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In Roman mythology, Cloacina (derived from the Latin word "cloaca" meaning "sewer" or "drain") was the goddess who presided over the Cloaca Maxima, the system of sewers in Rome. The Cloaca Maxima was a sewer said to be begun by Tarquinius Priscus and finished by Tarquinius Superbus. Titus Tatius, who reigned with Romulus, erected a statue to her. She was originally derived from Etruscan mythology. As well as controlling sewers, she was also a protector of sexual intercourse in marriage. Regardless of her original source, she later became identified with Venus.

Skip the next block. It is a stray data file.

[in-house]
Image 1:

Cloacina was worshipped as an aspect of Venus at the small Shrine of Venus Cloacina, situated before the Basilica Aemilia on the Roman Forum and directly above the Cloaca Maxima. Some Roman coins had images of Cloacina or her shrine on them. Cloacina was also worshipped with rhymed prayer.


Information on Cloacina

Mythology of Cloacina

Article on Cloacina and sewers


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